The assassination of John F Kennedy means that we all get to decide how his story should have ended, and thus plot an alternative trajectory for the country he so fleetingly led. The events in Dallas exactly 50 years ago made JFK as much a myth as a man, one of history's most endlessly malleable figures.
The puzzle of America today: the plutocrats have never been richer, and their economic power continues to grow, but the populists, the wilder the better, are taking over. The rise of the political extremes is most evident, of course, in the domination of the Republican Party by the Tea Party and in the astonishing ability of this small group to shut down the American government.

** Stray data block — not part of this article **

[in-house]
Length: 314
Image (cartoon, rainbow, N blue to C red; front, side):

President Barack Obama’s state-of-the-world speech before the United Nations General Assembly did not mention any Latin American country, and virtually omitted the region as a whole. It was a major mistake, but it shouldn’t surprise us.
The United States is becoming a dysfunctional country: politically, it’s lurching from one embarrassment to the next, but economically and technologically, it’s rising at an amazing speed.
It’s no wonder that protesters in Brazil are holding signs reading “more education, less soccer,” or that there are constant teacher strikes in Argentina, Chile, Venezuela and Mexico — Latin American schoolteachers are among the most miserably paid in the world.